The nursing home development project for 180 beds won zoning approval.
“In a separate action last night, the council approved development plans for a 180-bed nursing home in the neglected Six-Corners area of Taunton Avenue. The redevelopment project, proposed by John Orabona, is based on plans already approved by the state Department of Health and $7 million in financial backing for a mortgage on the land and building from the federal Department of Housing and Urban Development (HUD). Edmund Place Nursing Home will involve a new four-story building, with street access from both Taunton Avenue and Edmund Street, and a 60-space parking lot.”19
“The home was built in 1994.”20
“The recently opened Edmund Place Health Center, on Waterman Avenue in East Providence, cost $10.1 million to build — nearly $3 million more than the limit set by state regulators in 1989.”21
“…the 46 residents who have moved in since early January are being well cared for. Edmund Place eventually hopes to have 180 residents.”22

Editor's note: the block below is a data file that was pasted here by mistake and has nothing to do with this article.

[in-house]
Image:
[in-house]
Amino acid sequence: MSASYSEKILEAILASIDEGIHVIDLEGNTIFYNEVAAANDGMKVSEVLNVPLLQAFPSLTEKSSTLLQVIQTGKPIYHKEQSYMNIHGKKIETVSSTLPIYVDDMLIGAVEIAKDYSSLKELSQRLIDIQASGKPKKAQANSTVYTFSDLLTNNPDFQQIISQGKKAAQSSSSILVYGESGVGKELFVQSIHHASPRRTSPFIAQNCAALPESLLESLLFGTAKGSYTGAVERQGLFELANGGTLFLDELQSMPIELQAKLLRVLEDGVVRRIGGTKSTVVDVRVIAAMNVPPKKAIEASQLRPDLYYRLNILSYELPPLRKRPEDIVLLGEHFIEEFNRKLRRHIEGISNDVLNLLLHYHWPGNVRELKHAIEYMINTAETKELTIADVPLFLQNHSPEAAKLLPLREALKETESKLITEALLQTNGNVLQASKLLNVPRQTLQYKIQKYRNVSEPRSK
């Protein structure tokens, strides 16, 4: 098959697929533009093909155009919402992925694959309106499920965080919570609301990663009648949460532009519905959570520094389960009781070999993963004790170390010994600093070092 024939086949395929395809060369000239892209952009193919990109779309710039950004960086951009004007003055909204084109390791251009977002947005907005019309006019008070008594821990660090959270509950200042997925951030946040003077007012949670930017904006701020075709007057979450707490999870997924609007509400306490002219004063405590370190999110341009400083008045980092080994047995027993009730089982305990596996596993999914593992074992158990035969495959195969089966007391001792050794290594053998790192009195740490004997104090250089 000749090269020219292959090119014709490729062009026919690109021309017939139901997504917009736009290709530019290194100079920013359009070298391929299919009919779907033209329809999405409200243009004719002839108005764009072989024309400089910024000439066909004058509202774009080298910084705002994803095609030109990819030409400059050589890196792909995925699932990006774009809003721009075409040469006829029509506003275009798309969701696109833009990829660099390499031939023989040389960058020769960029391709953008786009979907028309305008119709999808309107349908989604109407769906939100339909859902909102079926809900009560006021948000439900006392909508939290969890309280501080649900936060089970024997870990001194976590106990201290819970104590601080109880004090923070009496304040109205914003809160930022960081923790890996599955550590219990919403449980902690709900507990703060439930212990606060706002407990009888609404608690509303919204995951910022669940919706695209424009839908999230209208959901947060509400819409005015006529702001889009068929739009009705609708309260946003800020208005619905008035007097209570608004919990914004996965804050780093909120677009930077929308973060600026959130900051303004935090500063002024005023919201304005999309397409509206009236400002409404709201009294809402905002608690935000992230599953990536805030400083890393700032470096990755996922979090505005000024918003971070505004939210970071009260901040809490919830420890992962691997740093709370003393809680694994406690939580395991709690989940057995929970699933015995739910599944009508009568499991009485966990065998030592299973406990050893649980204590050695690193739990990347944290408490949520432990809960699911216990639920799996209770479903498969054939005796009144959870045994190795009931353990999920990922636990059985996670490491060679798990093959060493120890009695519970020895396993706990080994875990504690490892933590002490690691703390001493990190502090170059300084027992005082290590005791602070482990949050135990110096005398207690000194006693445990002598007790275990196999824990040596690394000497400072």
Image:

Deaths — 31 people were reported via the Providence Journal obituaries to have passed while at Edmund Place.
Deaths — 51 people were reported via the Providence Journal obituaries to have passed while at Edmund Place.
“…a nurse’s aide grabbed a 79-year-old man’s wrists, threw him onto a toilet, and punched him in the mouth, knocking out a tooth, the attorney general’s office alleges in court papers. […] the patient, Jose Simao, had been bruised on his wrists and was bleeding from his mouth; a tooth was hanging loose. Simao died about three weeks later, although his death was ‘totally unrelated’ to the alleged assault, Edmund Place administrator Stephanie Barrette said yesterday.”23